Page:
Changes to the Consumer Financial Protection Bureau structure represent a reasonable improvement to a flawed structure, not an attempt to undermine the bureau, CUNA wrote to Sen. Sherrod Brown (D-Ohio) Monday. CUNA’s letter points out that since the Dodd-Frank Act was first proposed as a bipartisan commission by Sen. Elizabeth Warren (D-Mass.) and the Obama Administration, CUNA has agreed that it is the appropriate structure for the bureau.
“There is no question that the largest financial institutions, primarily those who actually caused the financial crisis, have benefited from a regulatory environment that rewards those who can afford high-powered lawyers, rather than those with a service-minded mission to empower lower-or-middle income consumers,” wrote CUNA President/CEO Jim Nussle. “Common-sense reforms must be put in place to better protect credit unions from this skewed system. Failure to address the defects in the CFPB structure allows the behemoth banks to continue to take advantage of this rigged system.”
Nussle cited CUNA’s January 2017 member survey, which contains data showing that as a result of one-size fits all CFPB rules, credit unions have been, or will be, forced to eliminate consumer-friendly services in response to overwhelming costs and increased compliance burdens.
CUNA’s letter also highlights that there are likely to be diverse perspectives on this issue from members of Congress in the debate about what the CFPB should look like moving forward, and that credit unions will be seeking common-sense reforms that help protect members’ ability to continue to access to safe and affordable credit.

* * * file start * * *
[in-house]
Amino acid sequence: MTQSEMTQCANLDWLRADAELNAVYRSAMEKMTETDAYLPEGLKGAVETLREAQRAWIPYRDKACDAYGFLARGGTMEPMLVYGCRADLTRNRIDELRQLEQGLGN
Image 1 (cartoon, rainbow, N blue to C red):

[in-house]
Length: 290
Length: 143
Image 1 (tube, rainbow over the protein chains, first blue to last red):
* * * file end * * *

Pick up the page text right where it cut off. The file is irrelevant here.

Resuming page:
“We hope Congress engages in a robust debate over consumer financial protection; and we understand it is quite possible that debate will include the question of whether the CFPB should continue to exist,” Nussle wrote. “As we did in 2009, we will engage in the debate eager to represent our members and their members fiercely and steadfastly, weighing the benefits of all proposals offered to the reality of the current structure.”
CUNA’s Campaign for Common-Sense Regulation, launched earlier this year, takes aim at a number of legislative improvements to the CFPB, including changes to the leadership structure. In addition, CUNA is seeking to see the bureau funded through the appropriations process, increase the asset threshold for bureau supervision and broaden and clarify the CFPB’s statutory exemption authority.
“One-size-fits-all regulation has not worked for Main Street – local credit unions, small banks, and the consumers and small businesses they serve. It’s created a rigged system favoring the largest institutions who can afford to comply with the "solutions" dreamt up in Washington--the very institutions that caused the crisis that hurt so many,” Nussle wrote. “This system is hurting consumers, costing them time and money, and limiting their choices. Now is the time for Congress to enact regulatory reform that works for credit union members.